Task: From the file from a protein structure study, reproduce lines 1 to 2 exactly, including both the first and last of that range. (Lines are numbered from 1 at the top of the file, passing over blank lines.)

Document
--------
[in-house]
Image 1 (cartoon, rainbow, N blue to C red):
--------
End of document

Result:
[in-house]
Image 1 (cartoon, rainbow, N blue to C red):